Concept: Cognitive bias
Humans possess a remarkable ability to discriminate structure from randomness in the environment. However, this ability appears to be systematically biased. This is nowhere more evident than in the Gambler’s Fallacy (GF)-the mistaken belief that observing an increasingly long sequence of “heads” from an unbiased coin makes the occurrence of “tails” on the next trial ever more likely. Although the GF appears to provide evidence of “cognitive bias,” a recent theoretical account (Hahn & Warren, 2009) has suggested the GF might be understandable if constraints on actual experience of random sources (such as attention and short term memory) are taken into account. Here we test this experiential account by exposing participants to 200 outcomes from a genuinely random (p = .5) Bernoulli process. All participants saw the same overall sequence; however, we manipulated experience across groups such that the sequence was divided into chunks of length 100, 10, or 5. Both before and after the exposure, participants (a) generated random sequences and (b) judged the randomness of presented sequences. In contrast to other accounts in the literature, the experiential account suggests that this manipulation will lead to systematic differences in postexposure behavior. Our data were strongly in line with this prediction and provide support for a general account of randomness perception in which biases are actually apt reflections of environmental statistics under experiential constraints. This suggests that deeper insight into human cognition may be gained if, instead of dismissing apparent biases as failings, we assume humans are rational under constraints. (PsycINFO Database Record
The present study investigated the effect of acute stress on attentional bias to threat using behavioral and ERP methods. Sixty-two male participants were randomly assigned to a stress condition (Trier Social Stress Test) or a control condition. To examine the impact of stress-induced cortisol on attentional bias to threat, participants in the stress group were split into Low- and High cortisol responders. All participants were then administered a modified dot probe task in which the cues were neutral and angry faces. Behavioral results showed a pattern of attentional bias toward threat in the Control group but not in the stress group. For the ERPs, the P100 peaked earlier for the angry-cued targets than the neutral-cued targets in the Control group, which suggests a rapid, adaptive response toward threat. However, this effect was not observed in the stress group, suggesting a suppressed attentional bias under stress. In addition, the stress group (including both Low and High cortisol responders) showed reduced P300 amplitude to target onset than the Control group. These results suggest that acute stress disrupts attentional bias to threat including a reduction in early bias to threat in addition to a subsequent change of attention allocation.
Peoples' subjective attitude towards costs such as, e.g., risk, delay or effort are key determinants of inter-individual differences in goal-directed behaviour. Thus, the ability to learn about others' prudent, impatient or lazy attitudes is likely to be critical for social interactions. Conversely, how adaptive such attitudes are in a given environment is highly uncertain. Thus, the brain may be tuned to garner information about how such costs ought to be arbitrated. In particular, observing others' attitude may change one’s uncertain belief about how to best behave in related difficult decision contexts. In turn, learning from others' attitudes is determined by one’s ability to learn about others' attitudes. We first derive, from basic optimality principles, the computational properties of such a learning mechanism. In particular, we predict two apparent cognitive biases that would arise when individuals are learning about others' attitudes: (i) people should overestimate the degree to which they resemble others (false-consensus bias), and (ii) they should align their own attitudes with others' (social influence bias). We show how these two biases non-trivially interact with each other. We then validate these predictions experimentally by profiling people’s attitudes both before and after guessing a series of cost-benefit arbitrages performed by calibrated artificial agents (which are impersonating human individuals).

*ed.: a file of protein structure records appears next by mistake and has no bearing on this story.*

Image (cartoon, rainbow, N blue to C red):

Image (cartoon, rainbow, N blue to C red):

- Proceedings of the National Academy of Sciences of the United States of America
- Published almost 5 years ago
In social animals, the fast detection of group members' emotional expressions promotes swift and adequate responses, which is crucial for the maintenance of social bonds and ultimately for group survival. The dot-probe task is a well-established paradigm in psychology, measuring emotional attention through reaction times. Humans tend to be biased toward emotional images, especially when the emotion is of a threatening nature. Bonobos have rich, social emotional lives and are known for their soft and friendly character. In the present study, we investigated (i) whether bonobos, similar to humans, have an attentional bias toward emotional scenes compared with conspecifics showing a neutral expression, and (ii) which emotional behaviors attract their attention the most. As predicted, results consistently showed that bonobos' attention was biased toward the location of the emotional versus neutral scene. Interestingly, their attention was grabbed most by images showing conspecifics such as sexual behavior, yawning, or grooming, and not as much-as is often observed in humans-by signs of distress or aggression. The results suggest that protective and affiliative behaviors are pivotal in bonobo society and therefore attract immediate attention in this species.